Oh well, just promise them a treat at Hard Rock Cafe, and enjoy some walking in Charlotte Amalie. Pick up a free tourist brochure and look for a walking tour.Continue to 6 of 10 below.
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St. Thomas: Fort Christian
Overlooking Charlotte Amalie is a Fort named for a Danish King: Fort Christian was built in 1672 to protect the town against pirates and European rivals.
Kids will enjoy climbing around the Fort, a National Landmark. The Fort is also a great spot to learn some Caribbean history: it's home to the VirginIslands Museum, and in its old rooms and cells are displays on the islands' natives, the slave trade and slave revolts, and more.
Admission fee is modest. (Actually, it was by donation when your Guide visited).Continue to 7 of 10 below.
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St. John - Virgin Islands National Park
"Mom, what's that giant lump stuck on that tree trunk?" Top marks to any parent or kid who guesses "termite nest," during a hike in Virgin Islands National Park.
It's an amazing fact that most of the island of St. John --two-thirds, or three-quarters, depending on your source-- is a National Park. This happy situation is thanks to Laurance Rockefeller, who bought up most of the land in the fifties and then donated it; he also established a small, luxury-camping site at Caneel Bay. (The Caneel Bay Resort is considerably more upscale today.)
One of the great things about National Parks is their (free or minimal-cost) ranger programs that combine fun and education. Head to the Park's Visitors Center in Cruz Bay and check out hikes with Park Rangers, and other park activities such as nature and history talks and snorkel trips. The Park includes marine areas. (see the National Park Virgin Islands website.)Continue to 8 of 10 below.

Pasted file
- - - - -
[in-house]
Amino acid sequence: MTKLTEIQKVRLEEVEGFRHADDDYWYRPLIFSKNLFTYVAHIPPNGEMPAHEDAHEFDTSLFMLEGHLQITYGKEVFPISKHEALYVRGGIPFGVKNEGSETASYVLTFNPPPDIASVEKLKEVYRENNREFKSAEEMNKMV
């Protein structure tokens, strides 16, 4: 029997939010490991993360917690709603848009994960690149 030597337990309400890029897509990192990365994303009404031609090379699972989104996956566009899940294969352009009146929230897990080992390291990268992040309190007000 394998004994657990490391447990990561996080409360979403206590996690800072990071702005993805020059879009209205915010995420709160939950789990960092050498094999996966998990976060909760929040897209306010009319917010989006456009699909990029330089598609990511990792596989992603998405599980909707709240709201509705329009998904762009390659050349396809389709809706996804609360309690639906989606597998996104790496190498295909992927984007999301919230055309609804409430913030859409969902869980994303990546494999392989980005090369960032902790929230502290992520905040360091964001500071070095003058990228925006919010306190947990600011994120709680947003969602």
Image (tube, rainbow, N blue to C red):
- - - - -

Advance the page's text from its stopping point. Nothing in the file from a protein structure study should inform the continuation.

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St. John: Trunk Bay
One of the most-photographed beaches on St. John is Trunk Bay, part of the National Park, and a perfect example of the USVI's white sand and azure seas.
You'll need to pay admission to snorkel at Trunk Bay but the cost is modest, especially if you buy a family pass.
Then put on the flippers and head for the snorkel trail, where underwater signs tell about the fish and coral. Kids as young as six can snorkel, and rental gear is available.Continue to 9 of 10 below.
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St. John: Boat Trip with Snorkeling
A fine outing on St. John is a boat trip to one or more choice snorkeling spots.
Climb aboard the Sadie Sea for a tour with multiple snorkel stops. As a bonus, your guide may spin some great island tales.
Though the snorkeling may not match Buck Island, you'll see lovely coral and fish and the variety of visiting multiple snorkeling spots is fun as is the boat trip itself: a lovely way to enjoy the sun, sea, and seabirds.Continue to 10 of 10 below.
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Get Out and About
Often, visitors to the Caribbean stay within the boundaries of their resorts. In the USVI, it's easy to get around, explore, and soak up some local ambiance.
On St. John, for example, you can rent a jeep for reasonable dollars, and the traffic's light. (St. Thomas is busier-- with left-hand drive!) Meanwhile, rates for colorful open-air "safari" taxis are controlled. Either way, you can sample activities, beaches, local restaurants-- such as this one on St. Croix with catty bar-tender.